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(Sunday, 26th Oct, 2014)
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Breast Pain

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Breast Pain (Mastalgia)

Is breast pain a sign that something is wrong?

Not usually. While pain is usually an indicator that something is amiss, when it comes to the breasts, there is rarely a serious cause. Breast cancer is usually painless therefore breast pain is NOT usually an indicator of this serious disease.

Breast pain, also known as mastalgia, is a very common complaint which many women simply accept as a normal feature of their menstrual cycle.

Breast pain can be divided into two types, cyclical and non-cyclical.

What is cyclical breast pain?

Cyclical breast pain is pain that is worse in the second half of the menstrual cycle. Women with this type of breast pain may notice a number of things in the seven to 10 days prior to their period:

  • Breasts feel full or heavy.
  • Breasts feel uncomfortable.
  • Breasts become lumpy and tender.
  • Pain or heaviness is usually felt on the outer half of the breast.
  • Breasts are tender when touched.

The severity of symptoms may differ from month to month, however it will usually entail a feeling of heaviness or aching.

Certain actions or movements may increase the pain. This can be especially troublesome if you have to use your arms a lot, for example if your work entails frequent lifting.

Despite the fact that cyclical pain occurs just before periods, there is no actual research that links differences in hormones to women who experience bad breast pain.

There is a theory that severe cyclical breast pain may be associated with an increase in the level of certain fatty acids in the blood. As a result it is thought that some lifestyle factors such as smoking and poor diet may play a role in breast pain, however it is not yet known precisely what this role is.

How is cyclical breast pain treated?

Many women do not require any treatment because the pain they experience is mild. However if you are in any way worried about breast pain, visit your doctor to put your mind at rest. He/she can rule out any underlying cause of the breast pain. (Cyclical breast pain is very rarely a sign of a serious illness such as cancer.)

For a small number of women, however, cyclical breast pain is so bad that it interferes with their daily life. In many such cases, evening primrose oil is recommended. Around two-thirds of women with cyclical breast pain respond to evening primrose oil. You will probably need to take it for several months to get the full benefit. Many women find that when they stop taking it, the breast pain tends to stay away or lessen.

For some women, evening primrose oil is not effective. In such cases your doctor may try a number of alternatives.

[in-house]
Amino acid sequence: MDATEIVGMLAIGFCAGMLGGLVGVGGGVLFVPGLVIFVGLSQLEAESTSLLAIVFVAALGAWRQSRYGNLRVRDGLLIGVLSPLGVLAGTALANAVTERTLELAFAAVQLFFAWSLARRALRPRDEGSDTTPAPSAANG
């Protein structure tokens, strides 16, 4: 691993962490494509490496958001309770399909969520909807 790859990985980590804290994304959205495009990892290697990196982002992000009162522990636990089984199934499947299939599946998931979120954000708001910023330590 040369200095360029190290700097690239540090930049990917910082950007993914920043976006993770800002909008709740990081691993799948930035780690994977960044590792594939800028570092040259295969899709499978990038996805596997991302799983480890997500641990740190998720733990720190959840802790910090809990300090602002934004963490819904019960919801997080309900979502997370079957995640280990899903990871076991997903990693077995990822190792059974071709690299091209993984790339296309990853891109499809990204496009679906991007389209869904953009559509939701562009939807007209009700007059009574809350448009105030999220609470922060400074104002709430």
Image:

What is non-cyclical breast pain?

Non-cyclical pain often arises from the breast itself or from the muscles and ribs under the breast.

It usually happens to women who are older than those who have cyclical breast pain. It is most often seen in women in their 40s.

While the pain can be stabbing, it is more often described as a burning feeling. It can randomly come and go, with no recognisable pattern.

How is non-cyclical breast pain treated?

You may be given painkillers to ease the pain.

Evening primrose oil may be recommended. However, the response rate in acyclical breast pain is lower than that in cyclical breast pain.

If the pain is identified to a specific part of the chest you may be given anti-inflammatory cream to ease it.

Could my bra be affecting my breast pain?

Yes. Many women do not wear the right sized bra. If you have breast pain, you should visit a trained fitter to find out your correct size. If you find you are wearing the right size then you can rule out bra size as a factor in your pain. If you are wearing the wrong size, then stock up on the correct size. Many women find that wearing a sports bra helps their pain.

How do I know if my bra fits correctly?

  • Ensure your bra is not too tight as this can cause breathing difficulty.
  • Ensure that the breasts are fully contained within each cup. If the bra wrinkles at the front of the cup, it is too big for you. If your breasts are coming out at the side of the cup, the bra is too small.
  • Check that your flesh is not bulging over the top of the cups or beneath the band at the back.
  • If the bra is underwired, the underwire should be lying flat against your body. It should not be digging into your breast.
  • If you have large breasts, ensure the straps of the bra are wide enough and strong enough to support them.
  • Your breasts should not be pushed to one side or the other. They should lie naturally on your chest.
  • You should always test the fit of your bra while standing and sitting. Is it equally comfortable in both positions?

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